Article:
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Lazy loading is a technique to increase page speed by deferring the loading of big elements–like images–that are not needed immediately. Instead, these elements are loaded later, if and when they become visible.
Typically, elements that are not in the viewport (that is, anything below the fold when the page first loads), are good candidates for lazy loading. They won’t be seen until the user scrolls them into view. If they don’t load immediately, the user’s experience of the page is not affected.
In fact, in their Lighthouse documentation, Google subtly recommends using lazy loading for images below the fold to improve page load time.
Lazy loading includes infinite scroll, a method of continually loading more content every time a user reaches the end of the current content on the page. This is one way to replace pagination on feeds, social networks, product lists, or other very long pages.
As it is often the case in SEO, the answer is “yes—but it depends.”
Google has repeatedly confirmed that it does index content that it can successfully render. This includes lazy load content.
Like other crawlers, googlebots implement strategies to handle lazy loading.
— Natzir Turrado (@natzir9) October 17, 2018
The jury is still out on scrolling.
A Yoast user’s test with Fetch and Render (now the URL Inspection Tool) in Google Search Console showed in August 2018 that images are correctly loaded when using lazy loading with WP Rocket. Yoast answers the user’s question and reports that Google handles lazy loading using scroll-and-wait strategies but doesn’t cite sources for its description of Google’s behavior, which leaves room for doubt.
In October 2018, Gary Illyes announced at PubCon that Googlebots do not scroll.
This announcement seemed to be pretty cut-and-dry. However, John Mueller had announced earlier that he “think[s] we do scroll a bit” based on the fact that when he’d tested it, additional page views were being indexed per page with infinite scroll.
The results of John Mueller’s tests might be explained—for certain implementations of lazy loading—by the increasing height of the viewport used by Googlebots: around 10,000 pixels for desktops, and slightly taller for mobiles.
Attribution: J.R Oakes
J.R. Oakes measured the actual viewport sizes used by googlebots last year as 431 pixels wide by 12,140 pixels high on mobile and 768 pixels wide by 9,307 pixels high for desktop.
Despite conflicting information, it seems that Google often ignores the <noscript> tag, but might use content within it for indexing images.
— Dawn Anderson (@dawnieando) October 17, 2018
Google published a long-awaited developer guide in November 2018 on the subject.
This guide covers three main recommendations:
1. Load content when it’s visible in the viewport
In the October 30th Google Webmasters Hangout, just before the developer guide was published, Martin Splitt covered the question of how to trigger lazy loading.
Specifically, he advised against relying exclusively on scroll events, despite the fact that scroll events are one of the most common lazy loading triggers.
He listed the following reasons not to use scroll events as your only trigger:
2. Support paginated loading for infinite scroll
With mounting evidence for Google not scrolling pages during crawls, infinite scroll might look like something to avoid.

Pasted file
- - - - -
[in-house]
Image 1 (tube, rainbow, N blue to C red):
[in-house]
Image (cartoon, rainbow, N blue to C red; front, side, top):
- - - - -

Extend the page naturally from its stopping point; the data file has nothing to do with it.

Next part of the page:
However, there are ways to implement infinite scroll to allow Google to index the lazy load content below the fold. The guide mentions paginating loading, which also allows Google to link to a point within the page.
Google suggests using the History API, which dynamically updates the URL in the browser as additional pages are loaded and scrolled into view.
3. Test your implementation, particularly in Chrome
You can do this programmatically using the Puppeteer script to pilot Chrome—or, more precisely, Chromium, the browser Chrome is based on.
You can also use:
Yes, OnCrawl supports lazy loading!
The OnCrawl bot not only uses a 10,000-pixel viewport height, but we also use the scroll-and-wait technique to make sure we’ve seen all of your content.
This makes use of the maximum height supported by Chromium, which is both the OpenSource browser behind Chrome as mentioned earlier, and the browser that the OnCrawl bot’s rendering ability is based on.
Although this may or may not be a behavior that Google employs, we do our best to trigger scroll events in case you’re using an event listener for that.
If you’re using or considering OnCrawl to crawl your site and are concerned about support for your particular lazy loading implementation, reach out to us for more details on our crawl strategies for lazy loading.
We make our users’ configurations a priority when addressing crawler limitations, so even your unique and creative lazy-loading technique may be something we’re able to work with.
To recap, the extensive variety of lazy loading scripts, libraries, and techniques make lazy loading a sticky point for many crawlers. If you’re optimizing a site that makes use of lazy loading, use techniques that are accessible to crawlers.
Based on what we know about Google’s crawling and indexing, here are our top five tips for implementing lazy loading in the best possible way for SEO.
And a bonus: keep up with the news!
Native <img> lazy-loading is coming to the web! https://t.co/LgF7F1iMgR <img loading=lazy> defers offscreen images until the user scrolls near them. Shipping in Chrome ~75 https://t.co/4gR7lvx4zx pic.twitter.com/luCHEfLkKD
— Addy Osmani (@addyosmani) April 7, 2019
In the words of Google’s Martin Splitt:
— Martin Splitt @ 🇩🇪 #smx #muc (@g33konaut) October 31, 2018